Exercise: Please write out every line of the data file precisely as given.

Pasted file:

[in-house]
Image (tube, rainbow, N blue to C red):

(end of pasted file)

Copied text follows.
[in-house]
Image (tube, rainbow, N blue to C red):